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Family Conversations About End-Of-Life Care

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NPR: The Diane Rehm Show
August 8, 2012

Talking about death and dying is never easy. Many of us cling to the childhood belief that parents are invincible. But avoiding an end-of life conversation with a loved one could have tragic consequences. It might mean a surrogate who has different values from your mother could end up making decisions for her. Or that your uncle won't qualify for Medicaid because he didn’t understand the process. Armed with basic facts and good listening skills, it's possible to create a strategy that gives a loved one comfort and provides caregivers with peace of mind. Diane and her guests explore how to begin discussions about end-of life care.


Janis Abrahms Spring -  clinical psychologist and author of "Life with Pop: Lessons on Caring for an Aging Parent" and "After the Affair."

Sue Belanger -  clinical ethicist and adjunct assistant professor at Georgetown University School of Nursing and Health Studies, and director of education, training and research at Sibley Memorial Hospital in Washington, D.C.

Charles Sabatino -  director of the Commission on Law and Aging, American Bar Association.


Listen to the program audio (51:40) at NPR: The Diane Rehm Show


Rabbi sues over Pennsylvania law on funeral directors, last rites

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Pittsburgh Post-Gazette
August 7, 2012

An Orthodox rabbi is suing the state board of funeral directors, accusing it of violating religious freedom by insisting that licensed funeral directors oversee all funerals and burials.

The suit from Rabbi Daniel Wasserman of Shaare Torah Synagogue in Squirrel Hill was filed Monday in U.S. District Court for the Middle District of Pennsylvania, in Scranton. It accuses the state board of intimidating rabbis, synagogues, Jewish families and funeral homes that work with rabbis, in a quest for profit.

The suit is "to preserve and restore the historical right of clergy to conduct religious burial and funeral rites free from interference and harassment by the Commonwealth of Pennsylvania and professional, secular funeral directors who serve no health or safety interest," the suit says, citing constitutional guarantees of freedom of religion.

Rabbi Wasserman "is now being threatened with civil action and criminal prosecution ... for conducting religious funerals in place of licensed funeral directors who, under color of state law, interfere in purely religious observances for no other justification than personal profit."

The suit alleges that the board has targeted Orthodox Jews rather than Amish or Quakers because Jews are perceived to have more money to spend on funerals.

Read the full article at Pittsburgh Post-Gazette

Thanks to The Good Funeral Guide Blog for alerting us to this article.


When tickety-boo = tangled web (The Good Funeral Guide Blog 8/8/2012)


Death Certificates?…Just how many do I need?

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The Funeral Guy
From Inside The Box
July 5, 2012

One of the many questions I get when doing a pre-planning session is “How many death certificates do I need and who needs them?”  Since every person’s estate can vary, I have created a list to help you answer that question.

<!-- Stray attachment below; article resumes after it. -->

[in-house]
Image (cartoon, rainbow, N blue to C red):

Read the full article at The Funeral Guy

Last Updated ( Monday, 06 August 2012 20:08 )

Funeral Home Director Now Faces Criminal Charges

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FOX 4 News
Kansas City MO
July 30, 2012

The Missouri Attorney General is filing criminal charges against a former funeral home director in a story that FOX 4 news first started investigating two years ago.

Ron Marts is now facing ten felony charges including theft, deceptive business practices, and violating state laws about pre-need contracts. Pre-need contracts are for people who want to pre-pay for a funeral. People do it for peace of mind, but according to the Attorney General’s investigation, Marts wasn’t even licensed to sell pre-need contracts and now it appears that the money is gone.

Read the full article at FOX 4 News

Thanks to the HVCC Mortuary Science Alumni & Student Assoc for alerting us to this article.


Thanks for all the . . . Flies?

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-Josh Slocum, executive director

Keith Tomaszwesky called me about phorid flies, or "crypt flies" or "corpse flies," as they're better known. Yes, they're just what you think they are. Are they normal in a mausoleum, he wanted to know. Yes, and they're not dangerous.

But Tomaszewsky described a scene involving more than just a few flies at the Chapel of Angels and Light Mausoleum where his mother has been interred for two years. Flies all over the walls. Flies all over the religious iconography. Flies in the chalice used for communion wine.  Flies in the face of his niece while the family tried to visit grandma's crypts, causing the child to scream and beg to leave. This is not normal. Check out this report by WISN, which features an interview with Tomaszewsky—while flies land right on him during taping. Then come back for more. 

Back? OK. The mausoleum is owned by the Archdiocese of Milwaukee. Tomaszwewsky's mother was a devout Catholic, and while he is not, Tomaszewsky is extremely upset that his mother's body is in a sacred space overrun with buzzing flies. For 16 months, he says, he's been trying to get the Archdiocese to do something about this. So far they've only installed two ozone devices, Tomaszewsky says, when there should be at least eight. 

Last Updated ( Monday, 03 December 2012 15:27 ) Read more...

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